Digital Equipment Corporation PDP–7/A - S#118

Worcester Polytechnic Inst

The PDP–7 Service list (1972) shows that machine #118 (DEC #999999) was a PDP–7/A shipped to Worcester Polytechnic Inst around april 1967, and consisted of the following options –

OptionS#ShipDEC #Notes
138E000032 000000General purpose analog to digital converter, 6-11 bits selectable
139E000032 000000General purpose multiplexer control, 24 channel I/P for 138
149000081 0000004K core memory stack
177B000049 031023Extended arithmetic element
KA71A000018 000000I/O device package
KA77A000018 000000Processor unit
LT33CA3131650571014086Teletype Model 33 KSR

For descriptions of the above options see the full PDP–7 options list.

June 2024 – We were recently contacted by Aron Insinga about the fate of system #118, he emailed us saying -
"When I was a docent at The Computer Museum when it was still at DEC in Marlborough, MA.  Now of course, it's the CHM in CA.

Aron has given permission to use his information.  He goes on further -

"In the 1980s, The Computer Museum was still at DEC in Marlborough, MA (now, of course, it has become the Computer History Museum in CA) and I was a volunteer docent there while working for DEC and also taking grad. school classes part time at Worcester Polytechnic Inst. (Worcester, MA)."

"Normally classes met at a high school, but the first class of a semester was sometimes on-campus because the high school hadn't reopened yet after vacation.  So, one evening, when leaving a class on campus, I saw some old blue computer cabinets pushed out into the hall due to ongoing building renovations.  I peeked around them to see the front, and it was a PDP-7."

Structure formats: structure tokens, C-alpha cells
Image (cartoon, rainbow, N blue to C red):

"I let people at the museum know about it, and DEC acquired it from WPI for TCM.  (I think they traded a new MINC system for it.)

"The PDP-7 must have had a DECtape drive at some point in its history because I was told a story about problem with a tape with a bad block, so someone toggled in a small program to make the drive seek to the block, and they looked under the tape where they found a squished fly on the bottom of the tape.  They used a fingernail to scrape the fly off of the Mylar (DECtape had Mylar on both sides of the oxide) and the block was repaired. "

There is no mention of any magnetic tape options (Options 5xx) in the service list, so they would probably have been later add-ons or retrofits.

If anyone knows, or hears more about the outcome of the Worcester Polytechnic Inst's PDP–7/A (S#118) please let us know, email us , or use our contact form.

120 PDP–7 and PDP–7/A systems were forecast to be built in total, but the 1972 18–bit service list available (6.5Mb pdf download) only has details of the 99 known PDP–7 and PDP–7/A systems in the list at that time.  We do not have any information about the possible remaining 21 systems, who they were delivered to or even if they actually existed.

The PDP–7 appeared to have sold well into Government research and University sectors with 11 systems shipped to the UK alone, almost 10% of the forecast production run!  Serial numbers are concurrent for both PDP–7's and the PDP–7/A's, so the missing 21 could be of either type; however we are reasonably confident that the 99 systems shipped were the only ones that were ever built.

If you know of any information about any of the PDP–7 systems worldwide, options, location of existing systems, spare parts, ancillary bits, software, tapes or manuals, then please contact us.

Documents associated with PDP–7/A S#118 - None at this time

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